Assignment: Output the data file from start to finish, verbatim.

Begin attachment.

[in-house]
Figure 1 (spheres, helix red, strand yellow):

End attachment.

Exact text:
[in-house]
Figure 1 (spheres, helix red, strand yellow):